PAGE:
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Wire’s live return (after, er, about five months off, but this does mark the beginning of the campaign for next year’s Red Barked Tree album) came under the auspices of DiS’s sister/uncle/something or other site The Quietus. This was something the crowd could have ascertained not only from the large banner at the back of the stage with TQ’s logo on it, but also the heroically discomfiting DJ set that editor-in-chief John Doran chose to ‘warm up’ with. If anybody wants to know how to slightly freak out a roomful of middle aged Wire fans, John handily emailed me the first segment of his playlist, which runs thusly:
The Body - 'Empty Hearth'; Pan Sonic - 'Trepanointi/Trepanation'; Dragged Into Sunlight - 'Boiled Angel'; Gnaw Their Tongues - 'Broken Fingers Point Upwards In Vain'
Excellent stuff. Anyway, supporting are the increasingly ubiquitous Factory Floor; DiS has seen them three times in the last couple of months and still doesn't exactly know what to make of them. Indoors, their reputation for being excessively loud is vindicated, somewhat – the kick drum feels like somebody is stamping my brain – but is deafening volume particularly to this music’s advantage? Near as I can tell, they play three songs, of which the second – marked by Nic Colk slicing her guitar with a bow and breaking out some soft, semi-decipherable vocals – works the best, a more straight up dancey number that vaguely suggests what HEALTH might come up with if they were to write a 20 minute song whilst in one of their more euphoric moods. Elsewhere, though, it’s hard to see what Factory Floor are exactly getting at: their songs are very long, and the first and last feel strangely structureless, sprawling pools of noise and electronica that refuse to build momentum, a series of cool things bundled together without an exact master plan. But they’re undeniably compelling, and the drummer is a goddamn hero.
Wire have had a curious last decade, in which regular live performances and the introduction of new blood into the line up has demystified this once aloof art punks considerably. At the same time the sheer quality of these middle aged men’s Noughties output – particularly 2003’s furious Send - has returned them to the musical firmament as an act roughly as popular as they were in their previous spurts of activity, ie a decent sized cult act. At their live best - especially around the Send era - they can still play with a murderous intensity that quite belies their middle aged. Tonight things are much more relaxed and knockabout, Newman and Lewis trading quips like an old married couple, Gotobed saying nothing and Matt Sims – their latest second guitarist – looking charmingly apologetic for not being Bruce Gilbert (his bandmates poke fun at him for having purchased an official gig poster for the night; “cut your hair! And, and... be older!” comes a heckle).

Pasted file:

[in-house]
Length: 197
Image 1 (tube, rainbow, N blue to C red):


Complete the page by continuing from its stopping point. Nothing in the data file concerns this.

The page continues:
Which is very nice, and this is essentially an intimate show to test some new material, and Wire do touch upon virtually every album over the course of the night... buuuuuuut... somehow it doesn’t feel quite as special as it should be, maybe because of the mellow mood, maybe because the band’s choice of punk era songs (‘The 15th’, ‘Pink Flag’, ‘Lowdown’), great though they are, hasn’t varied much in the last few years. It’s an enjoyable evening, but room size it doesn’t really feel like we’re being treated, especially.
That said, it's Wire, who are a really fucking awesome band, with a massive back catalogue that’s almost supernatural in its refusal to date in any way, shape or form. In a time when ‘guitar music’ seems to be having a bit of an awkward patch, Wire’s harsh/soft/dubby/doomy/jangly/melodic/abrasive repertoire is of such uniformly high standard and so defiant of any prevailing trends any era that you almost wonder what everybody else’s problem is. People talk about the first three records, but when they pluck out a song as eerily great as the claustrophobic ‘Drill’, from 1987, it’s difficult to see that this band has ever really faltered. The new tracks suggest Red Barked Tree is going to be one of their more melodic excursions and that’s just peachy, though if next time they tour they can take a couple of leaves from the Doran school sonic aggression, that would be excellent.
photo by Maria Jefferis
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